Wolf Pack vs. Rebels Saturday night | NevadaAppeal.com

Wolf Pack vs. Rebels Saturday night

Dave Price

Nevada and UNLV will meet Saturday night in the 29th edition of what is one of those truly special rivalries in college football.

There’s no need for pep talks because the Fremont Cannon, not to mention bragging rights for the state of Nevada, will be at stake when the Wolf Pack and Rebels collide at 7:05 p.m. at Mackay Stadium.

“I think rivalries are the most fun in college sports,” UNLV coach John Robinson told The Associated Press.

“It’s a big game,” said Nevada coach Chris Tormey, who is 0-3 against UNLV. “Big games are always fun.”

And yes, the game will showcase two teams that are off to 3-1 starts this season.

Nevada has been involved in four games decided by a total of 24 points, including wins at home against Southern Utah (24-23) and SMU (12-9) that remained in doubt until the end. The Wolf Pack’s lone loss came at Oregon (31-23).

UNLV, 3-1 for the first time since 1992 and listed 35th this week in the USA Today/ESPN rankings, is coming off a bye week and is riding a two-game win streak after defeating then No. 14 Wisconsin 23-5 and Hawaii 33-22.

The two teams feature some similarities.

For example, both have capitalized on defensive takeaways this season. The Wolf Pack scored 12 unanswered points in the second half to defeat SMU last Saturday night in Reno, with all of those points coming as a direct result of turnovers — including Logan Carter’s 40-yard interception return for a touchdown in the third quarter. The Rebels converted eight turnovers into 30 points in their wins over Wisconsin and Hawaii.

Both teams feature widely recognized defensive players. Nevada defensive end Jorge Cordova was the Western Athletic Conference preseason pick for defensive player of the year. UNLV junior strong safety Jamaal Brimmer, a preseason All-American, had 11 tackles, two sacks, returned a fumble for a score and set up two touchdowns with interceptions in the win over Wisconsin.

On the offensive side, both teams feature widely recognized running backs. Nevada junior tailback Chance Kretschmer (6-1, 226) has rushed for 511 yards this season (127.8 yard per game average), tops in the WAC, and led the nation as a freshman in 2001 with 1,732 yards. UNLV, which has had backs turn in 100-yard performances in 31 of the team’s last 38 games, counters with its combo of Larry Croom (5-10, 205) and Dominique Dorsey (5-6, 165). Croom is the regular — he caught two touchdown passes in UNLV’s 21-17 win over Nevada last year in Las Vegas — but strained his right thigh in a loss to Kansas on Sept. 6. He was replaced by Dorsey, who rushed for 111 yards against Hawaii and 100 yards against Wisconsin.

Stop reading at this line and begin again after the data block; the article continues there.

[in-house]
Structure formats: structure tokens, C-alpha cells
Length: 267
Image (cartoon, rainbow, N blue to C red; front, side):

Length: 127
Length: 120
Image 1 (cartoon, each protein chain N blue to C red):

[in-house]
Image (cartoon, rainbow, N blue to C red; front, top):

Of interest, there will be a rivalry-within-the-rivalry between Dorsey and Nevada wide receiver Nichiren Flowers, who leads the Wolf Pack in receiving with 17 catches for 179 yards and two touchdowns. Both were high school teammates in central California at Tulare Union on a 2000 section championship team that went 11-2. Dorsey rushed for 69 yards on 12 carries and Flowers caught three passes for 59 yards in UNLV’s win over Nevada last year.

Flowers is looking forward to the rematch.

“It’s great, it will be like a reunion,” the 6-foot-3, 202-pound sophomore said. “We played against each other last year, but didn’t play as much as we would have liked. It will be different this year because we both will be on the field a lot and we’ll get to see what we can do.”

This being a battle between rivals, security will be beefed up on Saturday night.

“There’ll be a lot of emotion,” Tormey added. “Hopefully, fans on both sides can keep level heads and stay sober. There have been some bums in the stands the last couple of years in both stadiums.”

Notes … Nevada leads 15-13 in the rivalry, which dates to 1969. The Wolf Pack’s last win came by a 26-12 score in 1999 at Mackay Stadium. … Nevada wide receiver Maurice Mann, who missed the first four games due to a suspension for violating an NCAA rule, is eligible to return for this game. … Carter, the WAC defensive player of the week for his performance against SMU, expressed the importance of the silver state rivalry in a preseason interview: “There’s three things on my head: WAC championships, UNLV and playing in a bowl game.”